How to Securely Erase Data From Your USB Drive or SD Card in Linux

USB drives and SD cards have become everyday tech accessories these days. But their widespread use also makes them a security concern. Since these devices often contain personal data, you must wipe them entirely before giving them to someone else. Plus, it’s good to get rid of any data on storage devices before throwing them away.

Linux offers several tools that make wiping personal data effortless. Below, we look at some of the ways you can securely erase data from your USB drive or SD card in Linux.

Formatting vs. Erasing: What’s the Difference?

We know formatting a USB makes all the data on that device inaccessible. But does it completely wipe out existing data? The answer is no. Because when you format your device, all you’re doing is creating a new partition and thus making the old partitions writable. But the original data remains on the device.

Many solid data recovery tools make retrieving data from such devices a child’s play. So if your drive holds any sensitive data, you should focus on erasing it instead of just formatting the device. To wipe data from your USB drive or SD card, you have to overwrite them with unnecessary random data.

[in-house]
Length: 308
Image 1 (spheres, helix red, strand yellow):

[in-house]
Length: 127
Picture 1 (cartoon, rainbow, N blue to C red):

Secure Wipe Flash Drive or SD Card Contents in Linux

To wipe all personal data from your device, you’ll need to follow a few steps. The first task is to locate the correct device. Use the lsblk command to find the exact device and partition.


It’ll display a list of block devices connected to the system. Locate your device based on its storage size. For illustration, we’ll consider /dev/sdb to be the device and /dev/sdb1 as its primary partition. After locating the device and partition, unmount the partition using the below command:

sudo umount /dev/sdb1

Once unmounted, you’ll need to overwrite the contents of that device. Linux users can choose from several tools, including dd, shred, and badblocks. After wiping the data, you need to create a new partition and format your USB drive on Linux.

Erase USB Drive or SD Card Using dd